Ranking 5 cups of cocoa from Salt Lake City bakeries and chocolate shops

All of these picks use real chocolate or cocoa powder in their hot chocolate — just taste the difference.

(Kolbie Peterson | The Salt Lake Tribune) A cup of hot chocolate from Forty Three Bakery.

Cocoa is an indulgence by definition, a treat that warms your soul and puts a little smile on your face. It’s not attached to the daily ritual of coffee-drinking; sipping hot chocolate is a special moment to be savored and enjoyed.

Not all cocoa is created equal, though, and it all depends on how you make it. For this article, I made an effort to find five places in Salt Lake City that use real chocolate or cocoa, not a commercially prepared powder mix, to make their hot chocolate. All you have to do is taste them to understand the difference.

Bonus: All of these businesses are bakeries or chocolate shops, so they all have much more to offer than just cocoa. If you want to really indulge your sweet tooth, grab a pastry or other sweet to go with your chocolatey beverage.

Just for fun — and to celebrate National Hot Chocolate Day on Wednesday, Jan. 31 — let’s rank these cups of cocoa from the least rich to the richest.

5. Fillings & Emulsions

This eclectic Latin-influenced bakery makes their cocoa using a ganache mixture, which they stir slowly into steamed milk, according to an employee. The result is a cocoa that’s on the less-sweet side, but still creamy and chocolatey.

To go with your cocoa is an array of baked goods, including scones, macarons, croissants, kouign amann, meat pies and much more. For Valentine’s Day, Fillings & Emulsions is offering conversation cookies and heart-shaped macarons. 1475 S. Main St., Salt Lake City, 385-229-4228; 1980 W. 3500 South, West Valley City, 385-549-1167; FillingsAndEmulsions.com.

(Kolbie Peterson | The Salt Lake Tribune) A cup of hot chocolate from Eva's Bakery.

4. Eva’s Bakery

To get the full effect of this beautiful hot chocolate, make sure you drink it in the cafe. Crafted with a mocha sauce made from dark chocolate chips, according to a server, this cocoa comes with a thick layer of foam on top, complete with latte-style art. The hot chocolate itself is well-balanced, not too rich or too sweet, but just right.

To go with your cocoa is a variety of baked items — such as French macarons, chocolate eclairs, sticky buns, fruit tarts, cinnamon rolls, kouign amann, croissants, cakes, cookies and more. 155 S. Main St., Salt Lake City, 801-355-3942; EvasBakerySLC.com.

3. Chez Nibs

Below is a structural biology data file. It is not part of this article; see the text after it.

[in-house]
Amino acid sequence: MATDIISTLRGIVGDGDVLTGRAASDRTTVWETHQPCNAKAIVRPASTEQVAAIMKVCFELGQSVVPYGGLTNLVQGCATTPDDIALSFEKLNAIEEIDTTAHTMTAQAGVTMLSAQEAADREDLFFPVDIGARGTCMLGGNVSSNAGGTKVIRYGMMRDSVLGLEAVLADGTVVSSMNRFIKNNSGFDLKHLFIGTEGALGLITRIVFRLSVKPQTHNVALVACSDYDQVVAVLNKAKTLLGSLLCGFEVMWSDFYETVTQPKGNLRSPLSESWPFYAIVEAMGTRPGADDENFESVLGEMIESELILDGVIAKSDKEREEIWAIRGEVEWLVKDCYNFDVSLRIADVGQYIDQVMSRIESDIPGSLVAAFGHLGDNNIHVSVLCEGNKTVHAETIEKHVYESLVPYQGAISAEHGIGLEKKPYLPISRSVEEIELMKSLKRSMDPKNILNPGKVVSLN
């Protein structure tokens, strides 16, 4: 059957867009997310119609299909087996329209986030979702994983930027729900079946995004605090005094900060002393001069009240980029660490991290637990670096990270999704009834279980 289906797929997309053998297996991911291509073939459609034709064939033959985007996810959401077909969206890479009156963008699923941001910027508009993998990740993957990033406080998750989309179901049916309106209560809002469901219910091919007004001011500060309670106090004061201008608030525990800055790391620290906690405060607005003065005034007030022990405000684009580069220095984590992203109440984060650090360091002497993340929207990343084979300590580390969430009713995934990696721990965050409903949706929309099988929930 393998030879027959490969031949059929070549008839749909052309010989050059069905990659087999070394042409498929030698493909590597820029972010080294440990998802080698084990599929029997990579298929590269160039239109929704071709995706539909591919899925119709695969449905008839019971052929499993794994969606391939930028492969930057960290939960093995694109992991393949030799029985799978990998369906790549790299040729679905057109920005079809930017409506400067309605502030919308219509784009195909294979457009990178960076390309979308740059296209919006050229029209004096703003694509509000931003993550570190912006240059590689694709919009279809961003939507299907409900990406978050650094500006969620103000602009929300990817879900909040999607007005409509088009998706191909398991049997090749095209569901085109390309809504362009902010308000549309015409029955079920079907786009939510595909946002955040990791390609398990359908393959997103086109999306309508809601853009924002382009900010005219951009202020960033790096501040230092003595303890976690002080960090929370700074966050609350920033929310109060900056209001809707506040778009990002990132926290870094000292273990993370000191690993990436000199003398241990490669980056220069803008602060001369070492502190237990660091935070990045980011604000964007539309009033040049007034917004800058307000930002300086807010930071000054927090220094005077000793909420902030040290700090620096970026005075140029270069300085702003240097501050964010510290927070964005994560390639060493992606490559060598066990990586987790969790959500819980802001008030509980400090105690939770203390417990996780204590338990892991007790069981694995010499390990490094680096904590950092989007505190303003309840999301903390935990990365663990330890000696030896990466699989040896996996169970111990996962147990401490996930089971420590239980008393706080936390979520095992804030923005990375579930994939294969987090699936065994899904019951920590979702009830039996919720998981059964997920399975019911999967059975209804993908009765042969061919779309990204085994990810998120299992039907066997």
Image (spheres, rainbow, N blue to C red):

Chez Nibs — the latest venture of chef Romina Rasmussen (now operating Xiao Bao Bao, and formerly the owner/baker at Les Madeleines) — is a chocolate shop, so the hot chocolate here is no afterthought.

According to Rasmussen, her cocoa is made with two different types of chocolate: a 73% cacao dark chocolate from Guatemala, and a 35% cacao milk chocolate with caramel notes from Ghana and Côte d’Ivoire. The chocolates are made into a ganache, which is combined with cream and vanilla bean syrup, Rasmussen said.

“It’s very luscious and smooth, and although it has a larger percentage of dark chocolate, it’s not bitter and is very approachable,” she said. “It’s great on its own, or even more fab with whipped cream.”

This hot chocolate is plenty rich on its own, but it’s also great with Rasmussen’s signature pastry, the kouign amann. 212 E. 500 South, Suite A, Salt Lake City, 801-673-8340; Instagram: @cheznibs

2. Forty Three Bakery

Forty Three Bakery, located in Poplar Grove on Salt Lake City’s west side, does use a powder to make their hot chocolate. But before you make any assumptions about the quality of this cocoa, let me explain. Forty Three Bakery makes its own hot chocolate powder mix using dark cocoa powder, granulated sugar, milk powder, flaky sea salt and baking spices — all of which are then steamed in the milk, according to chef Andrew Corrao.

Using a powder in lieu of a ganache, Corrao said, allows the cocoa to blend with the milk and “bloom,” instead of having any chocolate remain at the bottom of the cup.

Corrao tops the velvety mixture with a dollop of croissant whipped cream (which is absolutely sensational) and shaved chocolate. The result is complex and lightly spiced, with a layer of foam on top, and it seems to unfold as you drink it.

If you want to nibble something alongside your hot chocolate, the croissant donuts are a perfect pairing. 733 W. Genesee Ave, Salt Lake City, 435-962-1628; FortyThreeBakery.com.

(Kolbie Peterson | The Salt Lake Tribune) A mug of hot chocolate from Hatch Family Chocolates.

1. Hatch Family Chocolates

This cocoa is what chocolate dreams are made of. Hatch Family Chocolates — owned by Katie Masterson and Steve Hatch — is rightly famous for its hot chocolate, which is made with Guittard milk chocolate and dark chocolate, steamed milk and heavy whipping cream. You can ask for a scoop of whipped cream on top if you need some extra decadence, or request a flavor add-in such as Aztec spice, gingerbread spice or peppermint, but trust me when I say that one cup of this stuff is as rich as it comes.

One employee said the hot chocolate is Hatch Family Chocolates’ most popular item, and during the winter, people will form lines out the door to order it.

Hatch Family Chocolates also offers frozen hot chocolate, which is cocoa that’s blended with crushed ice and a scoop of housemade vanilla ice cream, then topped with vanilla whipped cream. It’s available year round, so you can experience chocolate maximalism even when it’s hot out. 376 E. Eighth Ave., Salt Lake City, 801-532-4912; HatchFamilyChocolates.com.